Others on the panel included Bruce Ristau, precision farming specialist for CNH Telematics; Denton Schiesow, U.S. sales manager for Raven Industries and Marlin Melander, ATS product manager for AGCO. The providers offer a dizzying array of software and equipment, with connectivity between cellular and Wi-Fi connections.
Among other things, Schiesow demonstrated a signal strength tracker that shows a map of cellular strength within a farmer’s trade area. “This tool will go away some day because there will be more and more cell towers. Connectivity is not going to be an issue before long. Today it is,” he says.
Lanny Faleide, president of Agri ImaGIS Technologies of Fargo, gave his perspective. The company provides remote sensing services to the agricultural community, and developed an e-commerce website, called SATSHOT.com to deliver satellite imagery to farmers, with software to analyze and make decisions on variable-rate applications of chemicals and fertilizer. In Jamestown, Faleide talked about cell phone and iPad technology and how they are going to be used more seamlessly in the precision ag sector.
“In some ways it’s a little futuristic, but in other ways it’s here today,” he says.
Future is here
Faleide says his company’s softwares have to link in with softwares from the major manufacturers. “It’s a matter of the whole ‘cloud system’ bringing the data into big hubs and being able to share that information back and forth,” he says. While most farmers are using global positioning system technologies to help steer their tractors more precisely, only 10 percent of farmers are using the technology to its maximum capacity.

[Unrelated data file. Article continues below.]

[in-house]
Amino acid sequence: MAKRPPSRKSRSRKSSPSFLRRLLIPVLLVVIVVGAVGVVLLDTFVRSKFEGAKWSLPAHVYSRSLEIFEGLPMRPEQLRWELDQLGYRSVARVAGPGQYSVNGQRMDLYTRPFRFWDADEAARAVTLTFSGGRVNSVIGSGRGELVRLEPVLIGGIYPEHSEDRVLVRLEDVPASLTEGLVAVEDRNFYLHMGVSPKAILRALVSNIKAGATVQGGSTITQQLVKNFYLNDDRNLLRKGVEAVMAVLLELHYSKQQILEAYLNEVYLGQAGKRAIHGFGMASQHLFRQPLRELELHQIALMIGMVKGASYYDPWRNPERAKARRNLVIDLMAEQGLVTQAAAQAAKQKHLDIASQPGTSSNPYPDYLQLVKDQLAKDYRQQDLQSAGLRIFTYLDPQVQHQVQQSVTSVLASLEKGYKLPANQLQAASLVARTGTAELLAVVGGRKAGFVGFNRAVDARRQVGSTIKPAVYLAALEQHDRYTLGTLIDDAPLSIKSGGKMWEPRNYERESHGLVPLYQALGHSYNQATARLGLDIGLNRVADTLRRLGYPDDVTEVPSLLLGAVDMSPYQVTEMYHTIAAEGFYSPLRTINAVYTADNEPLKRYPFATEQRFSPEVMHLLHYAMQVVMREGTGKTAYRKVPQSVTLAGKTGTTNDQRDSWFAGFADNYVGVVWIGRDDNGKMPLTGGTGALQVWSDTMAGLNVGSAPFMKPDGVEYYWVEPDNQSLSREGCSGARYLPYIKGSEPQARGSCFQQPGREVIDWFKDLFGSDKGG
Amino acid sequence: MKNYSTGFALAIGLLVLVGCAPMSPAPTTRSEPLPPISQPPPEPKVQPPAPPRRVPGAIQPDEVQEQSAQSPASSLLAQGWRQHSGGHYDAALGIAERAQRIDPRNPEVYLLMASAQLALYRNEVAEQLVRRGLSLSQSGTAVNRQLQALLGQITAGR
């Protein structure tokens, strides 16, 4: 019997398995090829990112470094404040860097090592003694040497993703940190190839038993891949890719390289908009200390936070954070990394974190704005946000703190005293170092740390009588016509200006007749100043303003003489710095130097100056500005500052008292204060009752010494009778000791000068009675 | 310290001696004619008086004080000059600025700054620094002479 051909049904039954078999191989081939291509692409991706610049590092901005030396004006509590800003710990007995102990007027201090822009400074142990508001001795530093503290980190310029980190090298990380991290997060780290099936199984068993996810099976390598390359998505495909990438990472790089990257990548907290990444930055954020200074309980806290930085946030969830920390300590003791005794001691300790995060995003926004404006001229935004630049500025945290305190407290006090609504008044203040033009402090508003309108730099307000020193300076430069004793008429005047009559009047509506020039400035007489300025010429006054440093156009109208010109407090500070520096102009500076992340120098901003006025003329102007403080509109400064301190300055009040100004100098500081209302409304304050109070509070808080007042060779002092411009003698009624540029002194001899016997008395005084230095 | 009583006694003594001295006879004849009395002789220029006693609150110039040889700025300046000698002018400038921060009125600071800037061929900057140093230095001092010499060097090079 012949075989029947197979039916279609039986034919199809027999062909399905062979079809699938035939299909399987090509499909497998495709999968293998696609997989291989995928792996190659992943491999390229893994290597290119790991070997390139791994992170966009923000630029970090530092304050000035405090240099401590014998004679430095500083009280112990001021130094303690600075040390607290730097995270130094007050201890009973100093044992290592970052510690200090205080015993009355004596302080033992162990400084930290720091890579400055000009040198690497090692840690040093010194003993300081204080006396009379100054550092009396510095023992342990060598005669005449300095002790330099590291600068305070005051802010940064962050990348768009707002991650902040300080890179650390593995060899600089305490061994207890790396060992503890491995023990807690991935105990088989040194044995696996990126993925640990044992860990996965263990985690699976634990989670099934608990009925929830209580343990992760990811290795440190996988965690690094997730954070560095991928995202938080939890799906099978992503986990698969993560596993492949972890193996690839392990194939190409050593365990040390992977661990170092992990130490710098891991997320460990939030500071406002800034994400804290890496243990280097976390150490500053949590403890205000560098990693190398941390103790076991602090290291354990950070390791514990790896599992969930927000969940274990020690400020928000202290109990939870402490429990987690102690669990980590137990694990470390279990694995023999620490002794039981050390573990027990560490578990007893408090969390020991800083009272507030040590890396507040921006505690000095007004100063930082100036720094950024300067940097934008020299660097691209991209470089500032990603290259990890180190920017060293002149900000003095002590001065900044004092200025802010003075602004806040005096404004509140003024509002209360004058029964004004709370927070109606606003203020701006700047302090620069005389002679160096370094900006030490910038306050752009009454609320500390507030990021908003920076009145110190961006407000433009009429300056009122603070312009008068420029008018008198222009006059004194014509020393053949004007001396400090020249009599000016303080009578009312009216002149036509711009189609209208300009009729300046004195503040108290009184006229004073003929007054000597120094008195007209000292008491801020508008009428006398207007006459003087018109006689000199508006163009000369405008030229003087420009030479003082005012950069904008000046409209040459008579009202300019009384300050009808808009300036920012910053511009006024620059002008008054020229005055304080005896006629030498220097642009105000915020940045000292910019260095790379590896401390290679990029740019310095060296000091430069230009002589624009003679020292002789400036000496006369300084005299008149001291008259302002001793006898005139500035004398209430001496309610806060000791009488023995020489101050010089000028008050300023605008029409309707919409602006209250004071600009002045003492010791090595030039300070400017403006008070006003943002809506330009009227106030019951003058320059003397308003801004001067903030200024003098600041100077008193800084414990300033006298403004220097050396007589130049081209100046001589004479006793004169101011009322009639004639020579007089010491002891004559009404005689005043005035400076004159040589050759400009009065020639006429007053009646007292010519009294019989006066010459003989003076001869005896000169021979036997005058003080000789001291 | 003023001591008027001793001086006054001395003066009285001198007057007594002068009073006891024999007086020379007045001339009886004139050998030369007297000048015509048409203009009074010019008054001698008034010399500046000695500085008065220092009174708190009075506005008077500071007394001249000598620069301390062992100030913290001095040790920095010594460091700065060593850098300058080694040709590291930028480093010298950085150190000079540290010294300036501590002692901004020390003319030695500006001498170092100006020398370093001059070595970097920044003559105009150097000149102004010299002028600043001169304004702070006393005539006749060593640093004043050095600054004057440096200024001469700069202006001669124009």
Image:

“A lot of growers feel the technology is too overwhelming,” Faleide says. “Now, with the advent of cell phones and PDAs, (personal digital assistants)” they can retrieve and interpret files in a more mobile way. The systems are “opening up their clouds to third-party vendors.”
Lowell Catlett, a “futurist” from New Mexico, offered a rapid-fire, spell-binding picture of the changing world for plants, animals and people.
Catlett points to advancements in smartphones and “open-source software” and “open-source hardware” all people who carry one could be a part of monitoring the environment, he says, aiding in the prediction of weather patterns and insect infestations.